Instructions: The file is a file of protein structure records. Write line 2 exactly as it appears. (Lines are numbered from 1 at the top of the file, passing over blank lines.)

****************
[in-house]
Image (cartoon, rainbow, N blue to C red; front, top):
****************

Image (cartoon, rainbow, N blue to C red; front, top):